Friday, July 05, 2013

We Can Explain How Markets Work Without Mythical "Invisible Hands"

On Investopedia this week: HERE  James Grant, the author of the widely read Grant's Interest Rate Observer newsletter, appeared on CNBC on Thursday after the market close to discuss the Federal Reserve, rising interest rates and plunging gold prices.
Adam Smith's Invisible Hand”
“Grant argued on CNBC that Adam Smith's "invisible hand," or natural market forces, will inevitably prevail in relation to asset prices despite the near constant intervention and price manipulation employed by the Federal Reserve ever since the financial crisis. …
The risk is that Adam Smith's "invisible hand" will reassert itself, and central bank intervention and manipulation will eventually unleash devastating unintended consequences.”
Akin to meaningless theological  mantras, the invocation of “Adam Smith’s Invisible Hand” whenever a pronouncement is made by financial experts is like saying “please be to God” or “God Willing” in every sentence. Such knee-jerk nonsense makes a mockery of economic analysis. The invisible hand is meaningless jibberish when used in this manner.  
James Grant is a classic example of linking Adam Smith to an investment report that goes on to explain what is happening in money markets.  He does not need to blow smoke about “invisible hands” to give his account some sort of authority by implying that he understands what the “invisible hand” actually does when he hasn’t a clue what it is. 
His gullible readers may not know that James Grant misquotes Adam Smith on his use of the “invisible hand”, which was never about markets.   Any  “ devastating unintended consequences” won't result from an "invisible hand".  It doesn’t exist.
Metaphors for resemble their "objects", and in the singular case in which Smith used it in Wealth Of Nations (1776) the “invisible hand” referred to the hidden motives (they cannot be seen by observers). Some merchants who preferred to avoid foreign trade were “led”, said Smith, to invest their capital locally.  It was their hidden insecurity that ”led” them to add their capital to domestic industry, a wholly arithmetic conclusion from their actions.  It had nothing to do with “unleash[ing] devastating unintended consequences”.   It merely added their capital to domestic industry and this, Smith regarded, as beneficial for the public good.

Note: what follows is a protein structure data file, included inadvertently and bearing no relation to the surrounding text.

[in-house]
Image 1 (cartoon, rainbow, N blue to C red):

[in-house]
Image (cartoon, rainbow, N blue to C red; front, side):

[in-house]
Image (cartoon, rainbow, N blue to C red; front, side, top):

For Smith actions from their hidden motives had arithmetical consequence from their hidden motives, which he described by using the “invisible hand” metaphor to describe it in a “more striking and interesting manner”, as you do if you use an appropriate metaphor in grammatical English. Metaphors are not real entities, they do not exist, and neither are they ghostly or worshipful, or miraculous.  Adam Smith knew the role of metaphors in the English language – he lectured on metaphors in his long-running Rhetoric courses (1748-63). We have a student's copy of them from 1762-3.
Indeed, James Grant identifies the unintended circumstances arising from the hidden insecurities felt by some (but never all!) merchants.  Other merchants did risk their capital in foreign trade and ventures, and Smith regarded such actions as beneficial to a country too.  Both domestic and foreign trade raised economic activity (today’s higher GDP and GNP) of great benefit to the public.  Consumption is the purpose of production.  It measures the real wealth of nations!


Post a Comment

<< Home